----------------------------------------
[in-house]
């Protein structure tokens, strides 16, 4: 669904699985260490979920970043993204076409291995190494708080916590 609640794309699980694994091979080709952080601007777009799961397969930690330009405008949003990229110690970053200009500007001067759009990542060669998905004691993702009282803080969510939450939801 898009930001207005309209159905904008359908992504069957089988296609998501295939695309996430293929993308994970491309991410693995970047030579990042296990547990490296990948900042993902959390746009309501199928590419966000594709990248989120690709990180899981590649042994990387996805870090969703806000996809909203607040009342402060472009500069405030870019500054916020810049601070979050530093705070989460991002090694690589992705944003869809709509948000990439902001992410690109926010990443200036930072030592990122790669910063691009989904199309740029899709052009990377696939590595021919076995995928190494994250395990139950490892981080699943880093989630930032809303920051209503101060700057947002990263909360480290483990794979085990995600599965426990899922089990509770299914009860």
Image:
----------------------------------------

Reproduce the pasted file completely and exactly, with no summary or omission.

[in-house]
């Protein structure tokens, strides 16, 4: 669904699985260490979920970043993204076409291995190494708080916590 609640794309699980694994091979080709952080601007777009799961397969930690330009405008949003990229110690970053200009500007001067759009990542060669998905004691993702009282803080969510939450939801 898009930001207005309209159905904008359908992504069957089988296609998501295939695309996430293929993308994970491309991410693995970047030579990042296990547990490296990948900042993902959390746009309501199928590419966000594709990248989120690709990180899981590649042994990387996805870090969703806000996809909203607040009342402060472009500069405030870019500054916020810049601070979050530093705070989460991002090694690589992705944003869809709509948000990439902001992410690109926010990443200036930072030592990122790669910063691009989904199309740029899709052009990377696939590595021919076995995928190494994250395990139950490892981080699943880093989630930032809303920051209503101060700057947002990263909360480290483990794979085990995600599965426990899922089990509770299914009860």
Image: